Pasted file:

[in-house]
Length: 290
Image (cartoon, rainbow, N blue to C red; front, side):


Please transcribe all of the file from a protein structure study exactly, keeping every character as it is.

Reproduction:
[in-house]
Length: 290
Image (cartoon, rainbow, N blue to C red; front, side):